Addiction may not just be something to do with illegal or legal ‘substances’. In fact, addiction may be all around. The question is whether we are all addicted to something, something which makes the day bearable. This does not mean that addiction is wrong. What it does tell us is a key insight into human nature. If we really do need certain things to pull us through life, what is our natural state? If we are addicts, in one form or another, what is the norm without such things? It is hard to think that the state of humanity is anything but a dissatisfied one. It seems that boredom is natural to man, and that ‘happiness’, or ‘satisfaction’, is not the norm. Perhaps it is, and I am wrong, but throughout life today, the widespread use of social media, the excess of consumption in the form of clothes to the form of television seems to prove my point. We fill our lives with distractions because we are not satisfied.

It was Arthur Schopenhauer who proposed that life is a pendulum swinging ‘backward and forward between pain and boredom.’ When we are in pain, we fill it with things to relieve the pain, but after a while, we become bored of this. This is, according to Schopenhauer, how life works. Even if this is true, we must not despair. In one of my previous posts, ‘why suffering can be good’, I wrote about the usefulness of pain. Although at first we may want to immediately sedate the pain, this may not be the right choice, since it is only through suffering that we can grow as people and evolve. The most worthwhile of things are the products of hard work, sacrifice and suffering. Concluding that we are addicts at nature may help us realise two things:

  1. That it is not primarily our fault for our addictive nature-it is just the world we live in.
  2. Addiction is a way of dealing with boredom and pain. There are many various ways of dealing with this dissatisfaction, some better than others.

Rather than turning to heroine, binge-watching of television or social media feeds, we can, as Alain de Botton wrote, ‘turn pain into knowledge.’

Today is the only day

We like to think that we will live forever. We like to think that death doesn’t really exist, or at least that it won’t affect us. It may be true that death won’t affect us in the way we think because we’ll be dead, and so we won’t exist any longer, but this doesn’t mean we won’t ‘die’.

Death isn’t easy to accept, but it must be confronted. If we act as if we have an infinite amount of time on earth, then it is hard to see a good reason for doing anything worthwhile, since we will always be here. But if we realise that we only have a limited time on this earth, and that soon enough we will be dead and no longer exist, we might just come to recognise the importance of today, and that the only time is now, because soon enough there will be no more ‘now’ for us.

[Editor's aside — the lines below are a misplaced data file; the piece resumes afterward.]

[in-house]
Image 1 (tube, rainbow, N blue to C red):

Death shouldn’t be frowned upon, nor should it be feared. Rather it should be used as a reminder of the brevity of life, that our lives could end at any minute, perhaps even right now, and that life is something to be seized and used while it can be. If there’s something you’ve always wanted to do, do it, because tomorrow you might be dead. If there was something you wanted to tell someone, say it, for tomorrow they might be dead. Death is far from something to be avoided and thrown to the back of our minds. If we allow it, death may enable us to live our lives to the full. Once we accept that this is the only time we have, that today is the only day, and that soon we will be no more, we can start living.

Why suffering can be good

‘Without pain, without sacrifice we would have nothing.’ Chuck Palahniuk

It is a commonly held view that pain is bad and that suffering is to be avoided. It’s true that avoiding suffering is generally easier than facing it and dealing with it. But this doesn’t necessarily mean that this is what we should do. The idea of the importance of bearing with suffering goes back to Nietzsche who emphasised that suffering was necessary for greatness. Nothing good can come without pain, sacrifice, hard work.

An easy life can come from avoiding suffering. The most fulfilled lives, however, the lives of the greats, were made by suffering. It is because of suffering that we are able to listen to the likes of Mozart, to look at the likes of da Vinci, and to read the likes of Homer. The suffering itself may be incredibly painful, at times almost unbearable, but it is this suffering which will enable us to create art of another level. Arthur Schopenhauer, who was a heavy influence on the thought of Nietzsche, once said ‘once you’re over the hill you begin to pick up speed.’ Only through enduring pain and suffering can we become greater human beings, and, if we wish, create something worthwhile.